Computer Gaming Design

Although computers have come a long way since the beginning of the digital age, I can't help but feel that something has been lost of the artistry that once dominated the field.  Nowhere is this lost more apparent than in computer game design.  At the very beginning of the digital age, computer game designers were programmers.  Computer game design was not a profession at that point, but a hobby.  The technology was pretty primitive by today's standards, but it was a very fresh and new to the people who are working with it.  The graphics were simple, so computer game designs had to be based around elegant programming and interesting and playable concepts for gaming.  Things sure have changed since those days.

 

Don't get me wrong, there are some good things about modern computer game design.  Computer game design has become a full-fledged professional field, with artists, programmers, interface designers, story borders, and all kinds of other specializations to make the most impressive games in history.  Modern computer games even have actors in them for gods sake!  But I can't help thinking that something is been lost.  You see, modern computer game design is based not around having good games,but having impressive graphics and big explosions.  The coders are so distant from the game but it feels like gameplay suffers.  It is all based on using the most advanced design tools available, so those for programming the game never get to actually interact with it. I can't help but think that this isn't how it should be.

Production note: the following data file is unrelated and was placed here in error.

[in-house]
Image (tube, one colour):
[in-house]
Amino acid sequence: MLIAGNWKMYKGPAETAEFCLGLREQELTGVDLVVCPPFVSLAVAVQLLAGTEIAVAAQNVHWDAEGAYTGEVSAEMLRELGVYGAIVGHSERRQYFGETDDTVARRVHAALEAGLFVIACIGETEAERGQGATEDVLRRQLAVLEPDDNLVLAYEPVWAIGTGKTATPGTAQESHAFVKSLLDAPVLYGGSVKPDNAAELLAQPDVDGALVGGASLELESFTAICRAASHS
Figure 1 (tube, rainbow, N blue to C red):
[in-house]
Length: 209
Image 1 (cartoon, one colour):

I have talked to a lot of players, as well as programmers.  Many of them appreciate all of the computer game editors out there as well as the sophisticated graphic engines that allow them to play, edit, and create fantastic characters.  But at the same time, almost all of them play some of the classic arcade games of yesterday.  Why is this?   In part, I am sure, it is nostalgia.  Most of us grew up in the early age of computer game design.  We miss the games of our childhood from time to time.  But I do not think that this is all that there is to it.  It seems to me that something is missing from the games of today, and that people notice it.  The escapism is great.  You can believe that you really are there in the action.  But at the same time, wouldn't it be great if computer game design could capture some of the magic of yesterday?

    There will always be the dance of the desire for progressing into the future and relishing those things that came before. Nostalgia is very comforting. But one thing is for sure, the leaps and bounds of today's latest CPU, GPU's and gaming systems are quite impressive.